While the EMV chip technology will presumably make it much harder to counterfeit cards, account numbers will still be transmitted over the Internet. “Unfortunately all we’re going to get in the near future is the not-quite-so-smart card,” National Retail Federation general counsel Mallory Duncan told NPR. “The problem is that the product itself is fundamentally flawed. You cannot secure a house of straw.”

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However, it appears that Apple Pay allows shoppers to circumvent this fundamental flaw in the U.S.’s current credit and debit card system. As explained by Apple, Apple Pay doesn’t transmit your credit or debit card number to merchants during a transaction. In lieu of a card’s actual number, Apple Pay uses a “unique Device Account Number” that is “assigned, encrypted, and securely stored in the Secure Element, a dedicated chip in iPhone.” Additionally, every purchase is processed with a “transaction-specific dynamic security code,” a security measure known as tokenization.

Google Wallet, an Android-based mobile payments system similar to Apple Pay, also uses a tokenization process. “All of those potentially are much more secure for consumers than would be partially secure chip cards,” Duncan told NPR. With many consumers hesitant to visit stores that have already experienced data breaches, support for Apple Pay and other payment systems that rely on tokenization could be a way for affected retailers to win back reluctant shoppers. After all, a retailer can’t leak your credit card data if it never sees your actual account number or other card information.

Of course, retailers will have to implement support for Apple Pay and other mobile payment systems in order to advertise its security advantages. According to Apple, Target, Home Depot, and Michaels currently do not offer Apple Pay at their brick-and-mortar stores, although Target does allow users to make Apple Pay purchases through its app. Many other major retailers are already onboard with Apple Pay, including Bloomingdale’s, Macy’s, Office Depot, Toys ‘R’ Us, and more.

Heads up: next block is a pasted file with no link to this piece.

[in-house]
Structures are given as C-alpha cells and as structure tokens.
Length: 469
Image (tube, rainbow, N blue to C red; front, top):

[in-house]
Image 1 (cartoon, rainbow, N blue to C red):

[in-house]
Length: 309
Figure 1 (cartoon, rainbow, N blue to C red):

Adoption of Apple Pay will also likely become more widespread if retailers notice that many shoppers are using the system at competitors’ stores. If you’re looking to set up Apple Pay on your iOS-based mobile device, be sure to check out our Apple Pay installation guide.

While Apple Pay may be more secure than traditional magnetic stripe cards and even the next-generation EMV chip cards, the recently rolled-out mobile payments system has not been entirely free of snafus. According to CNET, a glitch in Bank of America’s technology was causing Apple Pay users to be double-charged for purchases made with Bank of America cards. However, Bank of America is working on fixing the glitch and will refund any affected customers, according to a spokeswoman cited by CNET. Other consumers have noted minor issues with making in-app purchases with Apple Pay.

A few technical hiccups during the launch of a new payments system is to be expected, and they are fairly inconsequential compared to the peace of mind that Apple Pay’s security features could offer to consumers who are worried about having their card data revealed by hackers this holiday shopping season. For this reason, retailers that have already adopted Apple Pay could see a bump in sales from security-conscious shoppers this holiday season. And shoppers who use Apple Pay can enjoy the holidays with the traditional dreams of sugar plums, rather than the nightmares of credit card fraud.

Follow Nathanael on Twitter @ArnoldEtan_WSCS